"Local Media Fail: News Stations Omit S&P Analysis On GOP Refusing To Raise Revenues"
When Standard and Poor’s issued its unprecedented downgrade of the nation’s sovereign credit last Friday, the rating agency blasted the GOP’s refusal to raise revenues in a press release accompanying the announcement. As Igor Volsky notes in today’s Progress Report, S&P referred specifically to Republicans when it said: “It appears that for now, new revenues have dropped down on the menu of policy options.” The S&P analysis also stressed that the final debt ceiling deal only reinforced its belief that the Bush tax cuts would not expire at the end of 2012, “because the majority of Republicans in Congress continue to resist any measure that would raise revenues.”
However, a quick search of local news broadcasts from over the weekend shows that media outlets across the country have selectively omitted S&P’s reasoning behind the decision. Many local news outlets seemingly adopted the conservative narrative, arguing that the downgrade was only due to spending, rather than a holistic failure on both the spending and revenue sides. ThinkProgress has compiled a few examples below:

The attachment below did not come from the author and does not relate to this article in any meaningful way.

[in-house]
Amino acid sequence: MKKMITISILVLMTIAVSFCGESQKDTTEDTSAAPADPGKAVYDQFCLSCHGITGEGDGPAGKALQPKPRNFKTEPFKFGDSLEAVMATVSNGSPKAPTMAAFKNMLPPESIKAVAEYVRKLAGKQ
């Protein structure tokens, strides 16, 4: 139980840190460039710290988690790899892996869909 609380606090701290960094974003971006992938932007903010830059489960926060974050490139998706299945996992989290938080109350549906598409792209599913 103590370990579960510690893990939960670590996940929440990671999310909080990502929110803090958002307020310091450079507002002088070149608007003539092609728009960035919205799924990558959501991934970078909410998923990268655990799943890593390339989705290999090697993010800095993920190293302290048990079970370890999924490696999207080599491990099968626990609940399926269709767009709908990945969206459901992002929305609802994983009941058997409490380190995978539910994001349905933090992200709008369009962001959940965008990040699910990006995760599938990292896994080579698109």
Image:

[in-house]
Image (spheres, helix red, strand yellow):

Amarillo, TX CBS affiliate: “The U.S. no longer holds the triple A credit we used to. Standard and Poor’s knocked us down to a AA+ citing the buzzer-beating deal to avoid government default did not do enough to cut back on spending.”
News 12 New Jersey: “The problem? Standard and Poor’s says the government is spending too much and has too much debt, so they downgraded us. ”
Boston, MA Fox News affiliate: “Essentially, Standard and Poor’s says that Washington didn’t raise the debt ceiling fast enough or cut spending deep enough.”
Las Vegas, NV NBC affiliate: “Rating agency Standard and Poor’s downgraded the U.S. credit rating for the first time in its history. The rating agency says it cut the nation’s credit rating down to AA+ because the deficit reduction package passed by Congress on Tuesday did not go far enough to stabilize the debt situation. S&P cited rising public debt, policy making, uncertainty, and failure to deal with spending on entitlements as major factors its decision.”